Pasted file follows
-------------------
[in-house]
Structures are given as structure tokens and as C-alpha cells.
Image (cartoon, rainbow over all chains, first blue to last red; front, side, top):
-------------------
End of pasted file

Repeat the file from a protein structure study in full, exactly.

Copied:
[in-house]
Structures are given as structure tokens and as C-alpha cells.
Image (cartoon, rainbow over all chains, first blue to last red; front, side, top):